<p>&nbsp;Zachary Levi and Brandon Routh of 'Chuck'</p>

 Zachary Levi and Brandon Routh of 'Chuck'

Credit: NBC

Recap: 'Chuck' - 'Chuck vs. the Other Guy'

Everything comes together in what was originally the 'Chuck' season finale

Last spring, when "Chuck" had no reasonable assurance of a future on NBC, Chris Fedak and Allison Adler wrote a season finale that turned the show upside down. "Chuck vs. the Ring" was a great episode and a terrific season finale, but had it been a series finale? Oh, there would have been grumbling.

Last winter, with no reasonable assurance of any more than 13 episodes for the show's third season, Fedak wrote "Chuck vs. the Other Guy," with some expectation that it would be the season finale and some strong possibility it might be the series finale.
With Monday's (April 5) episode, "Chuck" delivered a near-perfect finale. Leaving aside your feelings on the mechanics which got us to Monday's episode, the 44 minutes that aired on NBC wrapped up the 13-episode semi-season perfectly, delivering both laughs aplenty, but also action, romance and drama. You can look at nearly everything that happened in "Chuck vs. the Other Guy" and see how it flowed organically from the things that happened since the premiere. It wrapped up most major arcs, but also set the ball gently rolling for plenty of adventures to come. But it wasn't a cliffhanger finale or a "gamechanger" finale or any of the things we've come to expect from bubble shows looking to force a network hand.
"Chuck vs. the Other Guy" would probably have served as the kind of series finale most shows only dream about. It didn't complete the journey that the main characters were going on, but it set them down, however temporarily, at a pausing point along that road. If "Chuck" didn't come back, after seeing "Other Guy," you'd have felt as if the mission instigated in the pilot had been fairly executed (with one exception) and that the characters were going to go forth in their adventures on their own.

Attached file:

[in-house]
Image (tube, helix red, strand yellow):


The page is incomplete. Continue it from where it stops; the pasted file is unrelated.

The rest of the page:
Of course, a funny thing happened on the way to "Chuck vs. the Other Guy" being either a series or a season finale. That funny thing was NBC's utter disaster of a fall, which somehow added six episodes to the third season. But "Chuck vs. the Other Guy" is such a satisfying ending that it'll be plenty tempting to call the next six episodes the start Season Four ("Look Ma, 'Chuck' got a Fourth Season... kinda!") or the launch of a bridging micro-season (like the "Saved by the Bell" beach season). 
[Let's talk a little more about "Chuck vs. the Other Guy" (with spoilers, of course), after the break...]
Read Full Post
Maya Luz and Anthony Williams on Project Runway Season 7

Sometimes you're in, sometimes you're out and sometimes you're just back in again. Maya and Anthony can absolutely speak to that.

Credit: Lifetime

How 'Project Runway' jumped the shark right before Bryant Park

Relive the episode that finally got the series back on track since it left Bravo